Article

Childhood onset schizophrenia: Cortical brain abnormalities as young adults

Child Psychiatry Branch, NIMH/NIH, Bethesda, MD 20892, USA.
Journal of Child Psychology and Psychiatry (Impact Factor: 5.67). 11/2006; 47(10):1003-12. DOI: 10.1111/j.1469-7610.2006.01658.x
Source: PubMed

ABSTRACT Childhood onset schizophrenia (COS) is a rare but severe form of the adult onset disorder. While structural brain imaging studies show robust, widespread, and progressive gray matter loss in COS during adolescence, there have been no longitudinal studies of sufficient duration to examine comparability with the more common adult onset illness.
Neuro-anatomic magnetic resonance scans were obtained prospectively from ages 7 through 26 in 70 children diagnosed with COS and age and sex matched healthy controls. Cortical thickness was measured at 40,962 points across the cerebral hemispheres using a novel, fully automated, validated method. Patterns of patient-control differences in cortical development were compared over a 19-year period.
Throughout the age range, the COS group had significantly smaller mean cortical thickness compared to controls. However, the COS brain developmental trajectory appeared to normalize in posterior (parietal) regions, and remained divergent in the anterior regions (frontal and temporal) regions, and the pattern of loss became more like that seen in adults.
Cortical thickness loss in COS appears to localize with age to prefrontal and temporal regions that are seen for both medication naïve and medicated adult onset patients.

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    • "Our results are consistent with decreased frontal cortical thickness and gyrification in childhood-and early-onset schizophrenia, adultonset first-episode psychosis and chronic schizophrenia (White et al., 2003; Narr et al., 2005; Greenstein et al., 2006; Voets et al., 2008; Rimol et al., 2010; Palaniyappan et al., 2011). To the best of our knowledge , this is the first study that assessed sulcal span in childhood and adolescent psychotic populations. "
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    ABSTRACT: Introduction: Recent evidence points to overlapping decreases in cortical thickness and gyrification in the frontal lobe of patients with adult-onset schizophrenia and bipolar disorder with psychotic symptoms, but it is not clear if these findings generalize to patients with a disease onset during adolescence and what may be the mechanisms underlying a decrease in gyrification. Method: This study analyzed cortical morphology using surface-based morphometry in 92 subjects (age range 11-18 years, 52 healthy controls and 40 adolescents with early-onset first-episode psychosis diagnosed with schizophrenia (n=20) or bipolar disorder with psychotic symptoms (n=20) based on a two year clinical follow up). Average lobar cortical thickness, surface area, gyrification index (GI) and sulcal width were compared between groups, and the relationship between the GI and sulcal width was assessed in the patient group. Results: Both patients groups showed decreased cortical thickness and increased sulcal width in the frontal cortex when compared to healthy controls. The schizophrenia subgroup also had increased sulcal width in all other lobes. In the frontal cortex of the combined patient group sulcal width was negatively correlated (r = -0.58, p < 0.001) with the GI. Conclusions: In adolescents with schizophrenia and bipolar disorder with psychotic symptoms there is cortical thinning, decreased GI and increased sulcal width of the frontal cortex present at the time of the first psychotic episode. Decreased frontal GI is associated with the widening of the frontal sulci which may reduce sulcal surface area. These results suggest that abnormal growth (or more pronounced shrinkage during adolescence) of the frontal cortex represents a shared endophenotype for psychosis.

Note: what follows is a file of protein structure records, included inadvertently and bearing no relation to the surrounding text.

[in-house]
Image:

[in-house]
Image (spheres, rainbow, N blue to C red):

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    • "Structural brain magnetic resonance imaging (MRI) studies of schizophrenia indicate widespread neuroanatomic abnormalities in cortical thickness, hippocampus, subcortical structures, and total brain measures (Shenton et al., 2001; Narr et al., 2005; Greenstein et al., 2006; Steen et al., 2006; Nesvag et al., 2008; Byne et al., 2009; Mattai et al., 2011; van Haren et al., 2011). Functional MRI and diffusion tensor imaging studies of schizophrenia also support brain dysfunction in schizophrenia involving multiple brain systems, emphasizing networks, and connectivity dysfunction rather than brain regions acting in isolation (Meyer- Lindenberg et al., 2005; Bassett et al., 2008; Lynall et al., 2010; Repovs et al., 2011). "
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    Frontiers in Psychiatry 06/2012; 3:53. DOI:10.3389/fpsyt.2012.00053
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    • "Cortical thickness (CT) was studied as a developmentally sensitive (Raznahan et al., 2010) sMRI index of cortical structure that can be mapped at high-spatial resolution and is well established to vary in a regionally specific manner according to genetic (Lenroot et al., 2009; Rimol et al., 2010; Shaw et al., 2009), cognitive (Shaw et al., 2006) and pathological influences (Gogtay et al., 2007; Greenstein et al., 2006). "
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